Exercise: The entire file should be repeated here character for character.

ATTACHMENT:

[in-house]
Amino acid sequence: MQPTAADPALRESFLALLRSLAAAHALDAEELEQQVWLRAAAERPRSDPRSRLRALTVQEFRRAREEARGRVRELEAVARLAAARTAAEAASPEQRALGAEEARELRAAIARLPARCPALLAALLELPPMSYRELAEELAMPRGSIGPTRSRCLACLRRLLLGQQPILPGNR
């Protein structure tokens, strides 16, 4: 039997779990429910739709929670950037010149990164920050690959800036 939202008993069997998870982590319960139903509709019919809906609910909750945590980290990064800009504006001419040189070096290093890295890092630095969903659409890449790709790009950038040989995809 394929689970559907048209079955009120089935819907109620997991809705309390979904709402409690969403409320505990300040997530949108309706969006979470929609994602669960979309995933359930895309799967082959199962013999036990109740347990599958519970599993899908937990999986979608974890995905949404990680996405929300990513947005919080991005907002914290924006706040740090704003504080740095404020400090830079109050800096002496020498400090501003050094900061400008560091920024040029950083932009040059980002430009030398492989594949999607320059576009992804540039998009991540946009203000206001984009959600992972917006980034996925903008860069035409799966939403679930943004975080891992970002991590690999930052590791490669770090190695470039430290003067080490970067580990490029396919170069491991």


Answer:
[in-house]
Amino acid sequence: MQPTAADPALRESFLALLRSLAAAHALDAEELEQQVWLRAAAERPRSDPRSRLRALTVQEFRRAREEARGRVRELEAVARLAAARTAAEAASPEQRALGAEEARELRAAIARLPARCPALLAALLELPPMSYRELAEELAMPRGSIGPTRSRCLACLRRLLLGQQPILPGNR
């Protein structure tokens, strides 16, 4: 039997779990429910739709929670950037010149990164920050690959800036 939202008993069997998870982590319960139903509709019919809906609910909750945590980290990064800009504006001419040189070096290093890295890092630095969903659409890449790709790009950038040989995809 394929689970559907048209079955009120089935819907109620997991809705309390979904709402409690969403409320505990300040997530949108309706969006979470929609994602669960979309995933359930895309799967082959199962013999036990109740347990599958519970599993899908937990999986979608974890995905949404990680996405929300990513947005919080991005907002914290924006706040740090704003504080740095404020400090830079109050800096002496020498400090501003050094900061400008560091920024040029950083932009040059980002430009030398492989594949999607320059576009992804540039998009991540946009203000206001984009959600992972917006980034996925903008860069035409799966939403679930943004975080891992970002991590690999930052590791490669770090190695470039430290003067080490970067580990490029396919170069491991």